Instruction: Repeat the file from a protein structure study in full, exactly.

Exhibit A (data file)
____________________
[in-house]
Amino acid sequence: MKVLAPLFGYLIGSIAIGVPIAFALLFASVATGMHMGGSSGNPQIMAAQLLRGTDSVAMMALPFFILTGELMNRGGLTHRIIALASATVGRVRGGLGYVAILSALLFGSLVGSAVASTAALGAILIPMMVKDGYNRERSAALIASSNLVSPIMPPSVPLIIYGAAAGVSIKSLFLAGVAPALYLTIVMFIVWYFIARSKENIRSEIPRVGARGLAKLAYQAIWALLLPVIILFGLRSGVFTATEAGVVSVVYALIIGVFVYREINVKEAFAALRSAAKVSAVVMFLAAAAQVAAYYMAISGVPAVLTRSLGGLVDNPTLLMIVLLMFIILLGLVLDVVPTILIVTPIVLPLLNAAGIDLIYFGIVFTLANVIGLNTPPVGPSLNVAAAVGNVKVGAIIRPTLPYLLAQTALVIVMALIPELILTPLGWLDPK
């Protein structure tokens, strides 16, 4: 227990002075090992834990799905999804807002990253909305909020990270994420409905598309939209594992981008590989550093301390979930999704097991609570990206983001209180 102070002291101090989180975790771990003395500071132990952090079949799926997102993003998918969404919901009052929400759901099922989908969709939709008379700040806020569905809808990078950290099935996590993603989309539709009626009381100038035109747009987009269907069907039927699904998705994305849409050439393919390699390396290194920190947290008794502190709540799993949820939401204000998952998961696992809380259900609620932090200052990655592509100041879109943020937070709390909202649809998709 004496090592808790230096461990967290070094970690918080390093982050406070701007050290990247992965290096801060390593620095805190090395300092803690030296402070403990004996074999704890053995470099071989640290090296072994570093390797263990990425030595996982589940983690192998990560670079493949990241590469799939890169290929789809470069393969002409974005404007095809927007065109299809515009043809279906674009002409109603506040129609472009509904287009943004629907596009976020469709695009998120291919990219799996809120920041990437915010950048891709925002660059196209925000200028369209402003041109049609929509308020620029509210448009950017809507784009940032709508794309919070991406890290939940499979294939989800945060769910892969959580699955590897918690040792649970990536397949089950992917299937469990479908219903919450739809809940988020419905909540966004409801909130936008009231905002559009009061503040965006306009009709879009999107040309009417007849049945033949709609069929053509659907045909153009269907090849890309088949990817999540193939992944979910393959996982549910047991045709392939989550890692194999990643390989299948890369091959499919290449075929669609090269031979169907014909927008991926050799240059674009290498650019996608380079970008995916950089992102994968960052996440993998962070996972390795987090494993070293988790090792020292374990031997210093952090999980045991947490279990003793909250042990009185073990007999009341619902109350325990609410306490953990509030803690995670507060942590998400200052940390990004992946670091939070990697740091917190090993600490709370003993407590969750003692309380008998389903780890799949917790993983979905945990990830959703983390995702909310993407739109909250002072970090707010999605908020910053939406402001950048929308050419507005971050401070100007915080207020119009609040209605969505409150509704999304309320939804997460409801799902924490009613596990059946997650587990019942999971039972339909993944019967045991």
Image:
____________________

[in-house]
Amino acid sequence: MKVLAPLFGYLIGSIAIGVPIAFALLFASVATGMHMGGSSGNPQIMAAQLLRGTDSVAMMALPFFILTGELMNRGGLTHRIIALASATVGRVRGGLGYVAILSALLFGSLVGSAVASTAALGAILIPMMVKDGYNRERSAALIASSNLVSPIMPPSVPLIIYGAAAGVSIKSLFLAGVAPALYLTIVMFIVWYFIARSKENIRSEIPRVGARGLAKLAYQAIWALLLPVIILFGLRSGVFTATEAGVVSVVYALIIGVFVYREINVKEAFAALRSAAKVSAVVMFLAAAAQVAAYYMAISGVPAVLTRSLGGLVDNPTLLMIVLLMFIILLGLVLDVVPTILIVTPIVLPLLNAAGIDLIYFGIVFTLANVIGLNTPPVGPSLNVAAAVGNVKVGAIIRPTLPYLLAQTALVIVMALIPELILTPLGWLDPK
């Protein structure tokens, strides 16, 4: 227990002075090992834990799905999804807002990253909305909020990270994420409905598309939209594992981008590989550093301390979930999704097991609570990206983001209180 102070002291101090989180975790771990003395500071132990952090079949799926997102993003998918969404919901009052929400759901099922989908969709939709008379700040806020569905809808990078950290099935996590993603989309539709009626009381100038035109747009987009269907069907039927699904998705994305849409050439393919390699390396290194920190947290008794502190709540799993949820939401204000998952998961696992809380259900609620932090200052990655592509100041879109943020937070709390909202649809998709 004496090592808790230096461990967290070094970690918080390093982050406070701007050290990247992965290096801060390593620095805190090395300092803690030296402070403990004996074999704890053995470099071989640290090296072994570093390797263990990425030595996982589940983690192998990560670079493949990241590469799939890169290929789809470069393969002409974005404007095809927007065109299809515009043809279906674009002409109603506040129609472009509904287009943004629907596009976020469709695009998120291919990219799996809120920041990437915010950048891709925002660059196209925000200028369209402003041109049609929509308020620029509210448009950017809507784009940032709508794309919070991406890290939940499979294939989800945060769910892969959580699955590897918690040792649970990536397949089950992917299937469990479908219903919450739809809940988020419905909540966004409801909130936008009231905002559009009061503040965006306009009709879009999107040309009417007849049945033949709609069929053509659907045909153009269907090849890309088949990817999540193939992944979910393959996982549910047991045709392939989550890692194999990643390989299948890369091959499919290449075929669609090269031979169907014909927008991926050799240059674009290498650019996608380079970008995916950089992102994968960052996440993998962070996972390795987090494993070293988790090792020292374990031997210093952090999980045991947490279990003793909250042990009185073990007999009341619902109350325990609410306490953990509030803690995670507060942590998400200052940390990004992946670091939070990697740091917190090993600490709370003993407590969750003692309380008998389903780890799949917790993983979905945990990830959703983390995702909310993407739109909250002072970090707010999605908020910053939406402001950048929308050419507005971050401070100007915080207020119009609040209605969505409150509704999304309320939804997460409801799902924490009613596990059946997650587990019942999971039972339909993944019967045991």
Image: